Zoomers Need to Plan for Retirement

July 22, 2021, | AtoZ Markets- "Zoomers" are those born in the late 1990s and early 2000s, otherwise known as Generation Z. There are millions of people in the Zoomer category, and their career paths vary exponentially.

Regardless of their career choices, they must think about retirement. Of course, this doesn’t feel like a priority when retirement is 40 years away.  Unfortunately, some people never think about retirement until it is too late, and they don't have enough funds to make ends meet when reaching their senior years. If you’re a Zoomer, then try some of these ideas to stay mindful of your future.

Earning, Pensions, and More

Most Americans have taxes deducted from their paychecks throughout their lives, which fund Social Security and Medicare. Payroll and self-employment taxes direct funds to those government-based retirement benefits, and how much you pay factors into how much you get out. While this may seem like a good way to plan for retirement, there is always talk about the system going bankrupt.

People are living longer than when Social Security was first instituted. This means that younger people will need to pay more in order to cover costs for older generations. The alternative is for the government will need to “print money” which can result in hyperinflation. Rather than relying on this system, consider other ways to save money on your own. A career change, or a second job could help. You might even seek out a job that comes with a pension or one that comes with a 401k plan that you can pay into, pre-tax—more on that later. For now, just try to save more money in anticipation of retirement.

Side hustles are all the rage now. Earning money from a hobby could deliver supplemental income that carries into your golden years. So could delving into work-from-home side jobs, such as data entry and transcription. A person could handle these jobs well into their 70s and make extra income.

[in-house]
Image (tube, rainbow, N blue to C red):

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Investments and Savings

Living from paycheck to paycheck might catch up with you eventually. So does debt. Make sure you put money away in safe investment vehicles that make it easy for you to save for retirement. Do this instead of racking up those credit card bills.

If you’re a Zoomer, try to live within your means and start saving as early in life as possible. The years catch up with people, along with outstanding credit card debt and back taxes. Does a job offer a 401(k) or another retirement plan? These perks could prove valuable when planning on retirement.

A 401(k) lets workers direct money from their paycheck to an investment account, pre-tax, and often the employer matches the funds. Putting money into stocks, bonds, and individual retirement accounts may help, too. Just be careful about your investment choices. It’s generally a good idea to diversify across a broad range of companies and industries.

A smart budget and a job that pays well allow people to save money and direct investments. Ultimately, starting early assists people interested in retirement savings. It is never too early to save, but one day it might be too late.


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